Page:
What a very small world this is, full of coincidences. I was checking out aerial views of my family’s houses and I have a sister who is an English professor who lives in Springfield. I noticed that they named the streets after authors at the U of Illinois, so I looked up Vachel Linsdsey, not remembering what he was famous for and there it was : The Congo! I read that poem to my sister when she was maybe 4 years old and she learned it (probably one of her reasons for becoming an English professor). We lived in the East Village in New York in an apartment four flights up. Who would have thought she’d end up in Springfield! Guess we come full circle. Still a memorable piece.

  12. Jack says:

    Blacks and Africans can’t claim this one as their own. Lindsay mightn’t have intended it to be so, but he’s captured the human race and human history in his words. We’ve all butchered, tortured and enslaved one another all the way down our long trail of blood.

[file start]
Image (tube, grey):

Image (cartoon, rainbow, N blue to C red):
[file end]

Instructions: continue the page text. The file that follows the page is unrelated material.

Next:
It’s a human thing.

    Jack

  13. S.P. says:

    What do people think about the social racism of this piece? The popularization of Europeans spotlighting African People or People of Colour at this time period? Is there anything to learn? Or is it redeemable in light of the time period? An incredible poetic piece, but difficult in the narrative position of authoriship. And Jerry, are you really from the Congo?

  14. Regina says:

    My father introduced me to this poem 50+ years ago. He was a lover of jazz and people of all colors. I can still recite portions from memory. Perceptions change and remain the same over the years. A recent reading of The Poisinwood Bible sent me in search of this poem and cultural thought once more. Lots to ponder and learn. Regina

  15. Megan says:

    it would probably be a good idea to put parenthesis around the “actions” or possible italics. that is an excellent poem, but there’s nothing to differentiate the actual poem from the “directions”.

  16. jerry says:

    i love vachel, and blacks

  17. David says:

    I like the poem, but it’s not what it seems. You have to really understand American popular culture of the day and American history from 1865 to 1915 to get a grasp of what Lindsay is saying.

  18. stephanie says:

    it may not be politically correct, but I read this poem in high school (30+ years ago) – and can recite pieces of it to this day. A veritable tour de force in my opinion